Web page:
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|“||Doctor Shrinker! Doctor Shrinker! He's a madman with an evil mind.||„|
|~ The series' theme, pretty much summing it all up.|
Dr. Shrinker was the main antagonist in the short-lived series of the same name. The show was one of a group of roughly fifteen-minute spots on the children's Saturday Morning action-adventure-comedy anthology, The Krofft Supershow, created by 70's Saturday mavens Sid & Marty Krofft.
The premise goes that three young people were forced to land their plane on a remote island, only to be taken in by Dr. Shrinker and his diminutive assistant, Hugo. As one might expect from his name, the doctor subjects the trio to a shrinking ray, in order to test it for safety/functionality, and to demonstrate to potential buyers proof positive of its results. The three 'shrinkies' make their escape, and hope to make their way to a reversal device the doctor has locked away. As with many (if in fact not most) 'quest' shows of the time, cancellation meant that no resolution to their conflict was ever presented. Cancellation in this case meant not the end of The Krofft Supershow itself, but these segments' replacement with other fare.
For such a short-lived series, the gamut of tropes was run through. Given the situation, Gilligan-type hope spots were frequent, with the trio of young people (called teenagers, but they were flying a plane, so they must have been very late teens) coming frustratingly close to reversing their plight, only to have the Doctor's plans or random bad luck negate this. Also like Gilligan, occasional guests would throw their situation into chaos, once more never changing the permanent status quo. Hugo on occasion showed ambition beyond his station and resentment of the Doctor's bossiness. At least one occasion showed the old standby of a situation forcing the opposing sides to work together. At one point, Dr. Shrinker himself bemoaned the repetitiveness of it all, calling the pattern a vicious cycle. Impostors, illusions to deceive potential buyers (who the Doctor planned to give his victims over to) and even the shrunken person cliche of animal menaces round out the series. While not truly incompetent, Dr. Shrinker's grandiose nature and ego meant he outsmarted himself just as often as the Shrinkies did.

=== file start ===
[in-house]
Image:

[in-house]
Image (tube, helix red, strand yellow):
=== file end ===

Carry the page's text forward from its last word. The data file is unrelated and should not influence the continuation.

The sets were a standard mad scientist's laboratory and a dingy old house/castle, with the island a low-budgetary mix of forest and jungle. Dr. Shrinker and Hugo were played as large, scenery-chewing, evil-laughing hams in garb that suited a Mad Scientist and his loyal assistant. On the other hand, while being a kids show meant the trio wasn't going to suffer a bad end, they were likely in the worst potential peril of any Krofft protagonists this side of the Marshall Family in Land Of The Lost. Implicit in the show's premise was the thought that, if Dr. Shrinker ever decided he didn't need the Shrinkies anymore, their lives would not be worth much.
|“||I chase the Shrinkies. I catch the Shrinkies. The Shrinkies escape. It's a vicious cycle and it's driving me mad!||„|
|~ Dr. Shrinker, coming perilously close to shrinking the fourth wall.|
- Jay Robinson, a Shakespearean actor of some experience, played Dr. Shrinker. While talented, and with a resume that includes many classic films and TV shows of note, he was said to have a swelled head and be difficult to work with, this according to Wikipedia.
- Perennial 'little person' actor Billy Barty played Hugo. By contrast, most were overjoyed to work with him, and his talent for snarky takedowns endeared him to all who knew him. For a long while, he was the go-to for roles such as Hugo. (Source Wikipedia)
- While Dr. Shrinker is not forgotten, it is also not as well remembered as another short on the same series, Electro Woman and Dyna Girl.
- Actor Ted Eccles, one of the shrinkies trio, voiced The Little Drummer Boy in the classic Rankin/Bass Christmas special.
- Another shrinkie actor, Jeff Mackay, went on to the also short-lived but cult favorite Tales Of The Gold Monkey, where he played intrepid but hapless pilot/adventurer Jake. Unlike this series, Tales at least had a 'localized' resolution, wrapping up some plot threads while the broader adventure continued.